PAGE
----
Light-induced translocation of RGS9-1 and Gβ5L in mouse rod photoreceptors

PLoS One. 2013;8(3):e58832. doi: 10.1371/journal.pone.0058832. Epub 2013 Mar 28.


The transducin GTPase-accelerating protein complex, which determines the photoresponse duration of photoreceptors, is composed of RGS9-1, Gβ5L and R9AP. Here we report that RGS9-1 and Gβ5L change their distribution in rods during light/dark adaptation. Upon prolonged dark adaptation, RGS9-1 and Gβ5L are primarily located in rod inner segments. But very dim-light exposure quickly translocates them to the outer segments. In contrast, their anchor protein R9AP remains in the outer segment at all times. In the dark, Gβ5L's interaction with R9AP decreases significantly and RGS9-1 is phosphorylated at S(475) to a significant degree. Dim light exposure leads to quick de-phosphorylation of RGS9-1. Furthermore, after prolonged dark adaptation, RGS9-1 and transducin Gα are located in different cellular compartments. These results suggest a previously unappreciated mechanism by which prolonged dark adaptation leads to increased light sensitivity in rods by dissociating RGS9-1 from R9AP and redistributing it to rod inner segments.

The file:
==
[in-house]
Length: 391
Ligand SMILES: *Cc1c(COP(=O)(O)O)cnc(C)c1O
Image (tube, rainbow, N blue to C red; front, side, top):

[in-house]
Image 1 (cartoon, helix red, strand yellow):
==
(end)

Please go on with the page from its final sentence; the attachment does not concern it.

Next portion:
Publication types

  • Research Support, N.I.H., Extramural
  • Research Support, U.S. Gov't, Non-P.H.S.

MeSH terms

  • Animals
  • Dark Adaptation / physiology
  • Female
  • GTP-Binding Protein beta Subunits / metabolism*
  • Light*
  • Male
  • Membrane Proteins / chemistry
  • Membrane Proteins / metabolism*
  • Mice
  • Phosphorylation
  • Protein Binding
  • Protein Transport / radiation effects
  • Retinal Photoreceptor Cell Inner Segment / metabolism
  • Retinal Photoreceptor Cell Outer Segment / metabolism
  • Retinal Rod Photoreceptor Cells / metabolism*
  • Retinal Rod Photoreceptor Cells / radiation effects
  • Serine / metabolism


  • GTP-Binding Protein beta Subunits
  • Gnb5 protein, mouse
  • Membrane Proteins
  • R9AP protein, mouse
  • Serine